Welcome to Mumbai, India! Our team from Curry College has come on a cross-cultural expedition to support learning disabilities in India and the United States. Future posts will discuss the content of the workshop and cultural exchanges. This first post will chart our orientation to Mumbai’s unique blend of history and modernity, as the city melds ancient civilizations and traditions with modern developments and tensions. Our first view of the city shows a skyline of upwardly-stretching buildings, low swaths of layered “slum” housing, turning highways, and a curtain of smokey fog (smog).
We had a hair-raising commute on the densely packed highways to reach the Sanjay Gandhi National Park in Mumbai. Here, we visited the Kanheri Caves, which sit in basalt rock hills stretching through the park. In approaching the caves, we encountered roaming monkeys that have adapted to constant human visitors- they approach humans freely, ask for snacks, and engage in primate play seemingly for an audience.
The ascent to the Kanheri caves followed stone steps chiseled by hand. Workers were chiseling, hammering, and squaring stone pavers under the sun. Families and workers handed metal support posts from shoulder to shoulder, each person walking up a few steps before passing on the load.
The Kanheri caves rose as sloping mounds of black basalt and lava where the Buddhist monks carved elaborate halls, temples, and living spaces into the heart of the rock. The monks had carved systematic cisterns around and over the rooms, with winding channels about four inches wide and deep that empty into square reservoirs outside the entrance to each room. We experienced an enveloping peace as we entered the stone caves. Only natural light would stream into the caves from the doors and small window openings. Upon stepping into the caves, darkness closed in until your eyes adjusted to the absence of light. The space and carvings evolve into your adjusting vision, meaning a revelation of texture, shapes, and distance. The rooms themselves had been designed for meeting, meditating, worshipping, and chanting, with acoustics that took a singular voice to torso-shaking depths. Buddha images with symbols of the lotus flower, monkeys, cobras, elephants, and other deities stood out from the walls in ¾ relief. Benches and shrines stepped out from the walls. The air shifted from heavy and moist to cool and light inside the caves. In total, there were 109 caves carved in the first century B.C. to the 10th century C.E.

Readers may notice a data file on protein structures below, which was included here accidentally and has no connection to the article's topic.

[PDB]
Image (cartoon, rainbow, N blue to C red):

We met a couple preparing to celebrate their engagement and visiting the caves for their engagement photos. Sakshi and Ankush exuded romance, intrigue, shyness, and hope as they talked to us about their experiences. We asked how they had met and as Ankush said, “We are a traditional society. So, we each created an online dating profile. Our families reviewed profiles for potential matches and then contacted each other. The families met to assess the match. Once they decided this could be positive, they arranged a meeting for us. So, we met and felt we are compatible. It is an arranged marriage.” He said, “You know, at this stage, we don’t have to pretend. The romance and love come easily.”
And here in Mumbai the melding of ancient and modern– arranged marriages and personal destiny, family screenings and online dating profiles, Buddhist caves and booming digital economies, wheeled rickshaws and buzzing motorbikes stacked with families, traditional dress and business attire, multigenerational poverty and hope for prosperity– seems to be core in the identity manifest. It feels like symbiotic chaos, schools of fish or thoughts in rushing water, mixing and shifting currents of understanding of self in culture.
How humbling and how honored we feel to see these movements on this grand scale. Our students who come to us from India are stepping from deep roots to a comparatively new movement of education and support for students with disabilities in the United States. They come with a facile approach coupled with a thorough grounding in culture and history. Their families are willing to share their children in hopes of growth and development that is available no where else. We met with one of our families with a student at Curry College and the mother said, “There is learning that you cannot do until you move outside of your comfort zone.” The U.S. has moved rapidly during the past 40 years in civil rights and protections for students who learn differently. We have the privilege in Curry and the Program for Advancement of Learning to work with other people’s children and to use our metacognitive teaching model to support transformations in development. And now we can bring our growing awareness of our students’ culture and history to support them during the transition to an American college experience.